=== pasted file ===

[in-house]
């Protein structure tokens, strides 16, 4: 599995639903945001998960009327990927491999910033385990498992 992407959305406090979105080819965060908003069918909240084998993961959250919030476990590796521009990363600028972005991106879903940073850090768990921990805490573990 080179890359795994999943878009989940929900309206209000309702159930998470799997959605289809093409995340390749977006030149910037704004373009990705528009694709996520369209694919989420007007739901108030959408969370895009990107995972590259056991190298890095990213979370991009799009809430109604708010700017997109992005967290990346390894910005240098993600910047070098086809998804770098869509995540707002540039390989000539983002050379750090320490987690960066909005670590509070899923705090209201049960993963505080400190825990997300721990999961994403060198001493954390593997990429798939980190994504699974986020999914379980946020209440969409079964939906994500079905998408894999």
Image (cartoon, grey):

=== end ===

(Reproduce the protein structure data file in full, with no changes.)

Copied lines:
[in-house]
């Protein structure tokens, strides 16, 4: 599995639903945001998960009327990927491999910033385990498992 992407959305406090979105080819965060908003069918909240084998993961959250919030476990590796521009990363600028972005991106879903940073850090768990921990805490573990 080179890359795994999943878009989940929900309206209000309702159930998470799997959605289809093409995340390749977006030149910037704004373009990705528009694709996520369209694919989420007007739901108030959408969370895009990107995972590259056991190298890095990213979370991009799009809430109604708010700017997109992005967290990346390894910005240098993600910047070098086809998804770098869509995540707002540039390989000539983002050379750090320490987690960066909005670590509070899923705090209201049960993963505080400190825990997300721990999961994403060198001493954390593997990429798939980190994504699974986020999914379980946020209440969409079964939906994500079905998408894999």
Image (cartoon, grey):